DK Arvind is a Reader in the School of Informatics at the University of Edinburgh, Scotland, United Kingdom, and CITRIS Visiting Professor at the University of California at Berkeley (2007-11). He was previously for four years a Research Scientist in the School of Computer Science, Carnegie-Mellon University, Pittsburgh, USA. He is the founder Director and Principal Investigator of the Research Consortium in Speckled Computing ( – a multidisciplinary grouping of computer scientists, electronic engineers, electrochemists and physicists drawn from five universities, to research the next generation of miniature wireless sensor networks. The Consortium has attracted research funding in the excess of £5.2 Million since 2004 from the Scottish Funding Council, and the UK Engineering and Physical Sciences Research Council (equivalent of the National Science Foundation in the US). In the past his research has been funded by EPSRC, US Office of Naval Research, Scottish Enterprise/Cadence Design Systems, Sharp, Hitachi, Panasonic/Mastushita, Agilent, ARM and SUN Microsystems. His research interests include the design, analysis and integration of miniature networked embedded systems which combine sensing, processing and wireless networking capabilities.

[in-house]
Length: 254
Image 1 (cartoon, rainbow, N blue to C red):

The Future of Mobile Map Interaction - GIS meets wearable computing

A. Krueger (German Research Center for Artificial Intelligence (DFKI))